Fani Willis Could Be Disqualified, Judge Says
Fani Willis Could Be Disqualified, Judge Says

By Catherine Yang

Fulton County Superior Judge Scott McAfee confirmed on Monday that the hearing about misconduct claims against Fulton County District Attorney Fani Willis and special prosecutor Nathan Wade “must occur” Thursday and could lead to disqualification.

Ms. Willis is presiding over the high-profile racketeering case that names former President Donald Trump and 14 others.

“I think it’s clear that disqualification can occur if evidence is produced presenting a conflict or the appearance of one, and the filings submitted on this issue so far have presented a conflict of interest that can’t be resolved as a matter of law,” Judge McAfee said.

Ms. Willis will be called as the first witness, the judge added after hearing some of the prosecutors’ arguments. “I don’t see how quash can be imposed here,” he said, referring to the district attorney’s effort to dismiss the subpoenas.

On Feb. 12, the judge held a hearing regarding the district attorney’s motions to quash the nine subpoenas issued on Ms. Willis herself and her staffers, ahead of this week’s anticipated hearing where the district attorney will have to respond to allegations of an “improper” relationship.

On Jan. 8, defendant Michael Roman filed a lengthy motion that alleged Ms. Willis was in a personal relationship with Mr. Wade, an attorney with a private law firm she contracted to take a lead position in the racketeering case. He alleged that Mr. Wade took Ms. Willis on “lavish” vacations including a cruise, and that she financially benefited from the situation.

He also made several other allegations including that Mr. Wade wasn’t qualified for the position and that Ms. Willis used funds improperly, which the judge indicated would not be the focus of Thursday’s evidentiary hearing. After the huge claims were made, several codefendants filed their own motions to disqualify Ms. Willis based on “prejudicial” actions.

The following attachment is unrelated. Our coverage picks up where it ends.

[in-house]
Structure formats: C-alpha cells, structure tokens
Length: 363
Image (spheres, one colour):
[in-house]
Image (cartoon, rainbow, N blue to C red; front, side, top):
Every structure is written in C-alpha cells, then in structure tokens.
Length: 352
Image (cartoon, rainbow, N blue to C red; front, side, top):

“Specifically looking at defendant Roman’s motion, it alleged a personal relationship that resulted in a financial benefit to the district attorney that is no longer a matter of speculation,” the judge said. “The state has admitted a relationship existed, and so what remains to be proven is the existence and extent of any financial benefit, again if there even was one.”

Judge McAfee said the claims of prejudice were based on public statements—a speech Ms. Willis gave at an Atlanta church where she invoked God and said her critics were playing the “race card”—and did not warrant a hearing meant to produce evidence for the record. Other issues such as Mr. Wade’s resume also did not warrant an evidentiary hearing, he added.

The district attorney had filed a motion arguing no evidentiary hearing was necessary because no conflict of interest had occurred, but the judge rejected the argument.

“Because I think it’s possible that the facts alleged by the defendant could result in disqualification, I think an evidentiary hearing must occur to establish a record on those core allegations,” he said.

He said the hearing will focus on “whether a relationship existed, whether that relationship was romantic or not in nature, when it formed, and whether it continues.”